When it comes to RA, we tend to focus on the traditional peripheral joints that are impacted like fingers, knees, and toes. But it is clear from the research literature that RA can impact the neck.1 Up to 90% of RA patients show changes in the neck via x-rays.2 One of the more serious neck conditions related to RA is atlanto-axial subluxation which involves a stair stepping of the vertebrae. This condition occurs in up to 30% of RA patients.3 When this situation occurs at the C1-C2 levels right next to the skull, it can put dangerous compression on the brain stem resulting in permanent nervous system damage and even death. Up to 12% of RA patients show this symptom.4 Given the seriousness of this condition, some researchers recommend surgical intervention at an earlier stage before irreversible damage occurs.5 In addition to RA, this dangerous condition can be caused by several auto-immune arthritis diseases including ankylosing spondylitis, psoriatic arthritis, and lupus.6 Radiologists know the critical impact of RA of this part of the neck. On my latest neck MRI, the report stated, “Mild degenerative change at the C1-C2 articulation, but no significant canal stenosis.” This report indicates that I need to pay attention to these joints over the long run but that my current symptoms are likely not related to C1-C2.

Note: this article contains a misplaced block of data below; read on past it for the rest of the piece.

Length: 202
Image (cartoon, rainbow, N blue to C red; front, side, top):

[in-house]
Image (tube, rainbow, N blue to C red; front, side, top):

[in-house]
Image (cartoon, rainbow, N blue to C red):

If you have RA, don’t ignore neck symptoms including the more common pain, stiffness, numbness and tingling in fingers, and pain radiating down the shoulders and arms. Most importantly, if you are experiencing a change in bladder and bowel control and/or gait disturbances, please seek medical attention immediately as these may be symptoms of serious spinal cord compression.

This article represents the opinions, thoughts, and experiences of the author; none of this content has been paid for by any advertiser. The RheumatoidArthritis.net team does not recommend or endorse any products or treatments discussed herein. Learn more about how we maintain editorial integrity here.

  1. http://rheumatology.oxfordjournals.org/content/45/10/1183.long
  2. http://www.rimed.org/medhealthri/2012-04/2012-04-105.pdf
  3. http://www.rimed.org/medhealthri/2012-04/2012-04-105.pdf
  4. http://www.rimed.org/medhealthri/2012-04/2012-04-105.pdf
  5. http://www.ncbi.nlm.nih.gov/pubmed/8606562?dopt=Abstract
  6. http://radiopaedia.org/articles/atlanto-axial-subluxation